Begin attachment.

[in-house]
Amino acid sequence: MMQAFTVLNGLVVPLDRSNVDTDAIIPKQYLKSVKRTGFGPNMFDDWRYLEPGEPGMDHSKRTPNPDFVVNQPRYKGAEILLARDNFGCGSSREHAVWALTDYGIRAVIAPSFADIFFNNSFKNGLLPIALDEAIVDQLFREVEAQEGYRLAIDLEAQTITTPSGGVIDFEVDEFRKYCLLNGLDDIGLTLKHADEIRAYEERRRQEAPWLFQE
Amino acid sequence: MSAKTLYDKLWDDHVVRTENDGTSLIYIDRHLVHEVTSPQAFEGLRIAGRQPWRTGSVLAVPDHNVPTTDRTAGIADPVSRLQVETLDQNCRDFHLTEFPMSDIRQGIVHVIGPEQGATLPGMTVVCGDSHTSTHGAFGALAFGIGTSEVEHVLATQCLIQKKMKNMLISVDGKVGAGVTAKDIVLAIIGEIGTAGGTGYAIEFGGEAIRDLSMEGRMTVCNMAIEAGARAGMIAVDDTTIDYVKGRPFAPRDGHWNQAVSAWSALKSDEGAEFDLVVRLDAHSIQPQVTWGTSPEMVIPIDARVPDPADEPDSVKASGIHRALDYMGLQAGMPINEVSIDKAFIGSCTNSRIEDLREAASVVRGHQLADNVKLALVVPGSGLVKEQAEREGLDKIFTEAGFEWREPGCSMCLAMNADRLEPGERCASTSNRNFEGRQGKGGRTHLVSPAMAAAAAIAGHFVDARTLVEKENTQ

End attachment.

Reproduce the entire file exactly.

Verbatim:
[in-house]
Amino acid sequence: MMQAFTVLNGLVVPLDRSNVDTDAIIPKQYLKSVKRTGFGPNMFDDWRYLEPGEPGMDHSKRTPNPDFVVNQPRYKGAEILLARDNFGCGSSREHAVWALTDYGIRAVIAPSFADIFFNNSFKNGLLPIALDEAIVDQLFREVEAQEGYRLAIDLEAQTITTPSGGVIDFEVDEFRKYCLLNGLDDIGLTLKHADEIRAYEERRRQEAPWLFQE
Amino acid sequence: MSAKTLYDKLWDDHVVRTENDGTSLIYIDRHLVHEVTSPQAFEGLRIAGRQPWRTGSVLAVPDHNVPTTDRTAGIADPVSRLQVETLDQNCRDFHLTEFPMSDIRQGIVHVIGPEQGATLPGMTVVCGDSHTSTHGAFGALAFGIGTSEVEHVLATQCLIQKKMKNMLISVDGKVGAGVTAKDIVLAIIGEIGTAGGTGYAIEFGGEAIRDLSMEGRMTVCNMAIEAGARAGMIAVDDTTIDYVKGRPFAPRDGHWNQAVSAWSALKSDEGAEFDLVVRLDAHSIQPQVTWGTSPEMVIPIDARVPDPADEPDSVKASGIHRALDYMGLQAGMPINEVSIDKAFIGSCTNSRIEDLREAASVVRGHQLADNVKLALVVPGSGLVKEQAEREGLDKIFTEAGFEWREPGCSMCLAMNADRLEPGERCASTSNRNFEGRQGKGGRTHLVSPAMAAAAAIAGHFVDARTLVEKENTQ